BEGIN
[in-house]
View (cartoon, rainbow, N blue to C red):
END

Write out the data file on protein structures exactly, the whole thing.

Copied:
[in-house]
View (cartoon, rainbow, N blue to C red):